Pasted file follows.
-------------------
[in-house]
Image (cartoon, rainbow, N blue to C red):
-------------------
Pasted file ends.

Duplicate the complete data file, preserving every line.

[in-house]
Image (cartoon, rainbow, N blue to C red):